Trust a Nurse, Ask a Nurse: Building Vaccine Confidence Through Telehealth

Mar 28, 2022 | COVID-19 |

This episode and blog post are Part 1 of the final special report of our Vaccine Confidence Special Reports series on At the Core of Care. Over the course of 6 episodes, we'll do a deep dive into three different facets of the COVID-19 vaccination effort. Stay tuned for Part 2 of this special report in the coming weeks by following us on Twitter and subscribing to our newsletter.

Lizett Leandro is the Director of Clinical Services for a senior living non-profit in Southern California. She oversees nursing education policy and procedures and quality improvement for skilled nursing facilities and assisted living communities in Southern California.

Leandro spent the first year of the COVID-19 pandemic working with older adults, and her own experiences as a nurse made it clear to her that vaccine education was an important first step to getting people vaccinated and controlling COVID-19 in California. Early in the vaccine rollout she witnessed skepticism, “mainly because we just didn't have the material… the correct material from the credible sources on hand,” Leandro observes. “So I started gathering all that material. I started making myself available, as a nurse, to our staff.” Flyers were an especially valuable tool for Leandro, because they answered common questions using understandable terms. Leandro noticed a big shift once people started understanding the science behind the vaccines.

She witnessed first-hand how much hope the vaccine brought patients, she says, “especially [in] the assisted living communities, memory care communities, skilled nursing facilities to have more resident-to-resident interaction, more families involved. More human touch, personal touch. More activities.” Now about 95% of the residents of these living communities are vaccinated, and Leandro reports that things are looking brighter.

By Spring 2021, Leandro got involved with HealthImpact to help get its Trust a Nurse, Ask a Nurse telehealth platform up and running. This free service is still available and relies on nurses who volunteer to speak with community members through video calls. “We first have a video call with them and explain what it is, answer all the questions, and then we follow up with the material just to solidify the patient education,” says Leandro. She adds that when someone has internet access issues, “we literally send it right to their phone.”

The program has received many calls from women and lactation consultants who are hearing misinformation or have questions about breastfeeding and the vaccine. Leandro herself had a baby in the first year of the pandemic, and shares, I had done a lot of research on the benefits of breastfeeding along with, you know, what it was to breastfeed with the COVID-19 vaccine and if it had any impact. So being able to share material from facts from the research from CDC, from CDPH. That it was actually encouraged to breastfeed…and all the benefits of breastfeeding of course were highlighted. It really spoke to me on how lack of education and access to information is such a big factor in vaccine hesitancy, you know, and how providing this education to the right person can make a difference.”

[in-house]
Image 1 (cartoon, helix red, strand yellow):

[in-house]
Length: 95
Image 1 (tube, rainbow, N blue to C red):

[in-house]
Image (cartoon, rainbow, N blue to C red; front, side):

Trust a Nurse, Ask a Nurse also offers all of their materials in Spanish. “One of the visitors that I had was bilingual, so being able to provide Spanish material and English material-- it was really invaluable because I spoke to one person, but that conversation actually impacted you know, probably 10, 20 other people. Because I know she was going to take that material to other people,” Leandro shares. Providing education to just one vaccine-hesitant patient could have a significant impact on a community that Leandro might not have reached otherwise.

Trust a Nurse, Ask a Nurse has had many successes, and Leandro remains optimistic that vaccination rates will continue to climb, even with current misinformation circulating that the vaccines are ineffective at preventing breakthrough cases. Leandro responds “the most valuable tools that we can get… is having one more tool to prevent death, to prevent severe COVID. I think our nursing community or healthcare community, we have to stay grounded to that fact, you know and understand that, yes, COVID is not going anywhere. But the science is also not going anywhere.”

Nurses and other health professionals across the country are using innovative methods to vaccinate their communities against COVID-19. Follow along as we explore other stories in depth as part of our Vaccine Confidence Special Reports.

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This project was funded in part by a cooperative agreement with the Centers for Disease Control and Prevention (grant number NU50CK000580). The Centers for Disease Control and Prevention is an agency within the Department of Health and Human Services (HHS). The contents of this resource center do not necessarily represent the policy of CDC or HHS, and should not be considered an endorsement by the Federal Government.

 

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About The Author

Annelise Slater is a Public Health Project Coordinator at the National Nurse-Led Care Consortium. 

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